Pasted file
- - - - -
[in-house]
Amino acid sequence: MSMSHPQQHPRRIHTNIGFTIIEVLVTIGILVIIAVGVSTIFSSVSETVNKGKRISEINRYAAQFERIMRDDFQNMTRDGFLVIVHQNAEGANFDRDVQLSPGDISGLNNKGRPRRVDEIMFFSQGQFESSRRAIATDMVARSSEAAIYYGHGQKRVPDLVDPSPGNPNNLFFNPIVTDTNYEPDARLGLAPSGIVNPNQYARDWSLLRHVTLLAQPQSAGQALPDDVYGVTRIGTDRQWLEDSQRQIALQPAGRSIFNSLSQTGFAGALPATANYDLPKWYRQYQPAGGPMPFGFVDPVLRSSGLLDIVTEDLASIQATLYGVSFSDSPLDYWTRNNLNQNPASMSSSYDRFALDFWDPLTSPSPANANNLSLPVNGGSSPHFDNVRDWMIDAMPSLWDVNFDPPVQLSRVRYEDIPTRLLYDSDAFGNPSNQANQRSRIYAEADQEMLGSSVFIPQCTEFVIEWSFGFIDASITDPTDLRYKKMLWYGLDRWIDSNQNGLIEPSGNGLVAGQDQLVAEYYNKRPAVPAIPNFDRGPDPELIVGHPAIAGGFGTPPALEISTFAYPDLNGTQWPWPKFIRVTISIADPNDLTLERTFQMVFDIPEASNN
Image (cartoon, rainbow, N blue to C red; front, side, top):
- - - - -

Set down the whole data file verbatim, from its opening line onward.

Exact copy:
[in-house]
Amino acid sequence: MSMSHPQQHPRRIHTNIGFTIIEVLVTIGILVIIAVGVSTIFSSVSETVNKGKRISEINRYAAQFERIMRDDFQNMTRDGFLVIVHQNAEGANFDRDVQLSPGDISGLNNKGRPRRVDEIMFFSQGQFESSRRAIATDMVARSSEAAIYYGHGQKRVPDLVDPSPGNPNNLFFNPIVTDTNYEPDARLGLAPSGIVNPNQYARDWSLLRHVTLLAQPQSAGQALPDDVYGVTRIGTDRQWLEDSQRQIALQPAGRSIFNSLSQTGFAGALPATANYDLPKWYRQYQPAGGPMPFGFVDPVLRSSGLLDIVTEDLASIQATLYGVSFSDSPLDYWTRNNLNQNPASMSSSYDRFALDFWDPLTSPSPANANNLSLPVNGGSSPHFDNVRDWMIDAMPSLWDVNFDPPVQLSRVRYEDIPTRLLYDSDAFGNPSNQANQRSRIYAEADQEMLGSSVFIPQCTEFVIEWSFGFIDASITDPTDLRYKKMLWYGLDRWIDSNQNGLIEPSGNGLVAGQDQLVAEYYNKRPAVPAIPNFDRGPDPELIVGHPAIAGGFGTPPALEISTFAYPDLNGTQWPWPKFIRVTISIADPNDLTLERTFQMVFDIPEASNN
Image (cartoon, rainbow, N blue to C red; front, side, top):